Accounting, Business

Warren Buffett says this accounting change is a “nightmare” - here’s why I disagree

May 06, 2018

Last December, the Financial Accounting Standards Board (FASB) implemented some accounting changes that will affect the earnings report of US companies. There are many changes in the announcement, but probably the most significant one is that businesses are now required to report their equity investments at fair value. Any gains or losses for the period will need to be reported in net income. This is quite similar to the new IFRS 9 standards that will also require businesses to measure equity investments at fair value.

While these changes by the accounting standards boards are seen as a positive step forward for those who advocate greater transparency in accounting numbers, some companies like investment companies are clearly not very supportive. Warren Buffett has called this situation a “nightmare” because it would significantly distort profit. His argument makes sense because Buffett’s strategy at Berkshire Hathaway is to buy and hold stocks for the long term, so why should short-term market fluctuations matter to Berkshire’s bottom line? So, he argues that investors should strip out these unrealized gains or losses on investments, as they are just due to short-term market volatility and therefore meaningless.

There has been good academic research that investors generally prefer certainty, rather than wild fluctuations in companies’ profit and loss figures. And most likely, this accounting change is going to increase volatility in P&L of companies that hold a large proportion of equity investments in their balance sheets. Already last week, we have seen the impact of this change on Buffett’s Berkshire Hathaway. For the first time in 9 years, the company has registered its first loss of $1.14 billion in the first quarter. Even though Berkshire Hathaway is currently in an overall net loss position for the first quarter of 2018, its operating profit has increased 49% to $5.29 billion during the same quarter due to its insurance underwriting business.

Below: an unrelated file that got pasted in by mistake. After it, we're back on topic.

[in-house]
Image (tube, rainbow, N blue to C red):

Buffett argues that the net loss position “really is not representative of what’s going on in the business at all”, as the volatility will unnecessarily scare or embolden investors. I understand Buffett’s concerns about volatility, but as an investor, I am not sure that I will agree with his view. For me, more information is always better than less, and I believe investors today are sophisticated enough and have the right to know the actual profits or losses of a company’s investments based on the current market situation.

So, sorry Buffett, as an investor and accounting geek, I stand on the side of the regulators this time, and I truly believe that these changes are for the better for investors, markets and the whole financial industry as a whole.

about author

Lee is currently pursuing a Master’s degree in Finance at INSEAD. Prior to his Master’s, he has worked for about five years in the treasury and accounting space. He graduated from SMU with a double degree in Accountancy and Finance, and is also a Chartered Accountant (Singapore). Other than building Excel spreadsheets and poring through annual reports, he spends his time reading and watching sci-fi movies.